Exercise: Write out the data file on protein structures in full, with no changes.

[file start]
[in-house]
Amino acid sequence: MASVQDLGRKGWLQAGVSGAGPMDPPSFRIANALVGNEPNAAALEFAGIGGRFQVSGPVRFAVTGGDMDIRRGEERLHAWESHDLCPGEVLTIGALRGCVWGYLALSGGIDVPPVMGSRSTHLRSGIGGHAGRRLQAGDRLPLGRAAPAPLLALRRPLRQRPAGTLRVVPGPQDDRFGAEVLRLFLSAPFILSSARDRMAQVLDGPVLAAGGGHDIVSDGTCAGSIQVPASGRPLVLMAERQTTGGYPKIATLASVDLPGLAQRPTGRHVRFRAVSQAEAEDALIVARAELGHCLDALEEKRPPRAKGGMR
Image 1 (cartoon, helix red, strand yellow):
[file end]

[in-house]
Amino acid sequence: MASVQDLGRKGWLQAGVSGAGPMDPPSFRIANALVGNEPNAAALEFAGIGGRFQVSGPVRFAVTGGDMDIRRGEERLHAWESHDLCPGEVLTIGALRGCVWGYLALSGGIDVPPVMGSRSTHLRSGIGGHAGRRLQAGDRLPLGRAAPAPLLALRRPLRQRPAGTLRVVPGPQDDRFGAEVLRLFLSAPFILSSARDRMAQVLDGPVLAAGGGHDIVSDGTCAGSIQVPASGRPLVLMAERQTTGGYPKIATLASVDLPGLAQRPTGRHVRFRAVSQAEAEDALIVARAELGHCLDALEEKRPPRAKGGMR
Image 1 (cartoon, helix red, strand yellow):